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Burma struggles to breathe

World Racer, Stephanie Fisk, wrote about ethnic cleansing in Burma. When I was in college, God woke me up to the needs of the world thru injustices in East Asia, and it seems that he’s doing something similar with this generation of radicals. Myanmar (previously Burma) has been under attack si…
By Seth Barnes
By Seth Barnes
World Racer, Stephanie Fisk, wrote about ethnic cleansing in Burma. When I was in college, God woke me up to the needs of the world thru injustices in East Asia, and it seems that he’s doing something similar with this generation of radicals.

Myanmar (previously Burma) has been under attack since
the seventies – by their own government. And it’s not getting any
better. Imagine the Mexico/USA frontier; move it to Asia and place it
between Myanmar and Thailand. Compared to Myanmar, Thailand appears to
be a wealthy country. Just like Mexicans, people from Myanmar are
seeking a “better life”; the difference – they are seeking refuge from
persecution.

You know those times when your ignorance shines so brightly that it
blinds you to the truth even when you are looking it in the eyes. Yes,
I know that Myanmar is very poor and a closed country to the Gospel;
but I had no idea the extent of persecution taking place within its
borders. Just like the Jews during WWII (ethnic cleansing) and
Christians in southern Sudan (religious persecution), the Karen people
are being persecuted because they are Karen…and many happen to be
Christian. Their very own government is trying to wipe out the “inferior” race and attempting to suffocate the Christian church.

Imagine 50,000 refugees trying to live a “normal” life inside the
confinements of a camp. Yes, the walls are meant to protect, but from
the perspective of many living inside – they are seen as a prison
sentence. It is rare to leave these confinements – years spent inside “your community.”

The day after we visited Myanmar, we were able to visit one of the
refugee camps on the Thailand border. The camp has been established for
around 17 years. People continue to come daily, and the camp has
expanded now to three different zones to accommodate the influx of people.
While inside the camp, the government only allowed us to visit the
school.

I imagine that this camp initially started off as a temporary
solution to an immediate need, but over the years has evolved into a
living, breathing community. At least on the surface level people
appear content: women washing clothes in the stream, kids playing by
the water, students learning.

Yes, the Burmese (Myanmar people) are grateful for this place of
refuge, but above all, their eyes are set on returning home. They want
to grow up on their own land, farm their own land – feel like they
belong. They are tired of receiving UN food rations; they are ready to “go fishing for themselves.”

Acute brain drain is another issue that, because of my American
perspective, I totally overlooked. Replacement of Burmese refugees to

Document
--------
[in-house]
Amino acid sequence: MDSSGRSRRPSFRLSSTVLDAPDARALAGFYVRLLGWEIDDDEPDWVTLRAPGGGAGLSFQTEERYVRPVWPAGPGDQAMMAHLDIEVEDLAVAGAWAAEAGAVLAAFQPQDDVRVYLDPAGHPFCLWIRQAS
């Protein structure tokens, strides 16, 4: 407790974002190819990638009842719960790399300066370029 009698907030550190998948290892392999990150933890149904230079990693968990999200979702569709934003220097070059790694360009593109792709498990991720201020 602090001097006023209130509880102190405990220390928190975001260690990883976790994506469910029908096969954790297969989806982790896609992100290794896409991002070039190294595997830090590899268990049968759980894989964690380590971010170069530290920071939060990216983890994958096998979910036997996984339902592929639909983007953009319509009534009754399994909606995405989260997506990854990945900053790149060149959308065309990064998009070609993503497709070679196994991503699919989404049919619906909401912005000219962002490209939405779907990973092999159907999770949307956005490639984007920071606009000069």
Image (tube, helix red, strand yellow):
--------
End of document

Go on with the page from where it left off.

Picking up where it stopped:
the UK or America is draining Myanmar of the very individuals needed to
restore their country. I guess we (America) like to accept those that
show potential and will not be a drain to our economy – thus we
eagerly receive those with an education and those that can make a life
for themselves in America. But what happens to those in dire need: the
widows, the handicapped, the orphaned? They remain in the refugee camp.
I know that we are only trying to help, but a very real concern for
many Burmese is that we are draining them of the very people that could
turn their lives and country back around for the positive.

“We just need to go to the root of the problem and stop it there,”
exclaimed Wado, a 31 year-old Burmese man who has been living in the
camp for 15 years. “Go to the government. If we can somehow remove or
change those in leadership positions, I believe everything else will
talk care of itself. We will be able to go back home, and I will be able
to see my family again.”

He believes in God. But the tone of his voice insinuates that time, frustrations and life have left him with more cries for help “unanswered” than “answered.”

Comments (3)

  • Going back home to ones place is no offense……….how can a government who is actually erected to protect citizens be the sole cause of prosecution this is ridiculous….

    now just one thing can save all those in ref camps and that is if they dare to tak to the government …… let the world know the result of the talk and even if the government is not ready to listen………………its they who will have to get back their own land and the most sought after freedom…….they will have to increase their will power and then work not individually but all together so that the next generation the see should open its eyes in the glow of their own free land…………….
    And not only this i would also request all the social organizations working throughout the world to hear their cause and not only hear but work for them to…………..prosecution is a violation of HUMAN RIGHTS which is unlawful .

  • Seth,

    what can/are we doing to overcome the struggle?

    is AIM doing something?

    do you know someone who is?

    is there a way i can help?

  • Eric,

    we have partners there who are doing great stuff and we are supporting their work. see me if you’re interested in helping and i’ll put you in touch.

Comments are closed.

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Seth Barnes

I'm motivated to join God in his global reclamation project. He's on the move, setting his sons and daughters free from their places of captivity. And he's partnering with those of us who have been freed to go and free others.



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